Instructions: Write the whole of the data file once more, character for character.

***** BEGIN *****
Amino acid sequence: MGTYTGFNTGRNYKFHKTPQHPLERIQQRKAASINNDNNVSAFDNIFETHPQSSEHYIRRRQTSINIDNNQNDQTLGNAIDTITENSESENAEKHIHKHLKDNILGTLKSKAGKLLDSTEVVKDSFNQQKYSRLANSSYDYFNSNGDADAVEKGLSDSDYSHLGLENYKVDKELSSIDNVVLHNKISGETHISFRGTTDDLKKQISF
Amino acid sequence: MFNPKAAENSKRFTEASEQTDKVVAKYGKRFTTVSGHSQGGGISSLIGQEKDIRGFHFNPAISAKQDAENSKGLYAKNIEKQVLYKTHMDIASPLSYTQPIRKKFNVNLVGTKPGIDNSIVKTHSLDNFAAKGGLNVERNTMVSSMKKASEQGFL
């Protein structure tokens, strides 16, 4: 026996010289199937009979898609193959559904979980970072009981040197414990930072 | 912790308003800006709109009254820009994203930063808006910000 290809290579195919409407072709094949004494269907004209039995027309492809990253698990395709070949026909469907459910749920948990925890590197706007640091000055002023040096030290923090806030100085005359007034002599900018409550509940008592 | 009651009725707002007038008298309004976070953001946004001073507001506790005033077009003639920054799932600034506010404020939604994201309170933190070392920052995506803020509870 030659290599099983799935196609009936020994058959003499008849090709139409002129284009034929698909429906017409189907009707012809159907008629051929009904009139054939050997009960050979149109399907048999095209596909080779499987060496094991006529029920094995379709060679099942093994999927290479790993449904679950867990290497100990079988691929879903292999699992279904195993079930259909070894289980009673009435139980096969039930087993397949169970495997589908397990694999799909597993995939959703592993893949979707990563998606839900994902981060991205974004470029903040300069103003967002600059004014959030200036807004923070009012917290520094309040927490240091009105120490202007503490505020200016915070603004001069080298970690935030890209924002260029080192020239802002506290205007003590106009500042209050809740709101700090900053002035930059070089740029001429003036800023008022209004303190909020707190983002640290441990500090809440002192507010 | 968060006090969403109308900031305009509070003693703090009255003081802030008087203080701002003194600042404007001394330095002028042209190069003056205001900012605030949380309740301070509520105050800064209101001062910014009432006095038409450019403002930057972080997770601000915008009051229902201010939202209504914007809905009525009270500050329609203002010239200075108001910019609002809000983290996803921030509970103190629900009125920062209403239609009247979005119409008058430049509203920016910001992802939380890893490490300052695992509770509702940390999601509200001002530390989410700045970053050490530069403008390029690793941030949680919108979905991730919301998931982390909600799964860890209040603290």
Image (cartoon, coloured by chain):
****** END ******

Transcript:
Amino acid sequence: MGTYTGFNTGRNYKFHKTPQHPLERIQQRKAASINNDNNVSAFDNIFETHPQSSEHYIRRRQTSINIDNNQNDQTLGNAIDTITENSESENAEKHIHKHLKDNILGTLKSKAGKLLDSTEVVKDSFNQQKYSRLANSSYDYFNSNGDADAVEKGLSDSDYSHLGLENYKVDKELSSIDNVVLHNKISGETHISFRGTTDDLKKQISF
Amino acid sequence: MFNPKAAENSKRFTEASEQTDKVVAKYGKRFTTVSGHSQGGGISSLIGQEKDIRGFHFNPAISAKQDAENSKGLYAKNIEKQVLYKTHMDIASPLSYTQPIRKKFNVNLVGTKPGIDNSIVKTHSLDNFAAKGGLNVERNTMVSSMKKASEQGFL
């Protein structure tokens, strides 16, 4: 026996010289199937009979898609193959559904979980970072009981040197414990930072 | 912790308003800006709109009254820009994203930063808006910000 290809290579195919409407072709094949004494269907004209039995027309492809990253698990395709070949026909469907459910749920948990925890590197706007640091000055002023040096030290923090806030100085005359007034002599900018409550509940008592 | 009651009725707002007038008298309004976070953001946004001073507001506790005033077009003639920054799932600034506010404020939604994201309170933190070392920052995506803020509870 030659290599099983799935196609009936020994058959003499008849090709139409002129284009034929698909429906017409189907009707012809159907008629051929009904009139054939050997009960050979149109399907048999095209596909080779499987060496094991006529029920094995379709060679099942093994999927290479790993449904679950867990290497100990079988691929879903292999699992279904195993079930259909070894289980009673009435139980096969039930087993397949169970495997589908397990694999799909597993995939959703592993893949979707990563998606839900994902981060991205974004470029903040300069103003967002600059004014959030200036807004923070009012917290520094309040927490240091009105120490202007503490505020200016915070603004001069080298970690935030890209924002260029080192020239802002506290205007003590106009500042209050809740709101700090900053002035930059070089740029001429003036800023008022209004303190909020707190983002640290441990500090809440002192507010 | 968060006090969403109308900031305009509070003693703090009255003081802030008087203080701002003194600042404007001394330095002028042209190069003056205001900012605030949380309740301070509520105050800064209101001062910014009432006095038409450019403002930057972080997770601000915008009051229902201010939202209504914007809905009525009270500050329609203002010239200075108001910019609002809000983290996803921030509970103190629900009125920062209403239609009247979005119409008058430049509203920016910001992802939380890893490490300052695992509770509702940390999601509200001002530390989410700045970053050490530069403008390029690793941030949680919108979905991730919301998931982390909600799964860890209040603290």
Image (cartoon, coloured by chain):